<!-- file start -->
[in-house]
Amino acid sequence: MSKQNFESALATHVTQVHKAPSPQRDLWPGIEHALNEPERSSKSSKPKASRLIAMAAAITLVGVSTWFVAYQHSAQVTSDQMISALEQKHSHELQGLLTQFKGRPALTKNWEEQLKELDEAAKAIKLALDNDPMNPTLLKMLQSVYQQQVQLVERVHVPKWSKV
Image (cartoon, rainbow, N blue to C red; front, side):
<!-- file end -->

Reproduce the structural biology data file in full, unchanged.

[in-house]
Amino acid sequence: MSKQNFESALATHVTQVHKAPSPQRDLWPGIEHALNEPERSSKSSKPKASRLIAMAAAITLVGVSTWFVAYQHSAQVTSDQMISALEQKHSHELQGLLTQFKGRPALTKNWEEQLKELDEAAKAIKLALDNDPMNPTLLKMLQSVYQQQVQLVERVHVPKWSKV
Image (cartoon, rainbow, N blue to C red; front, side):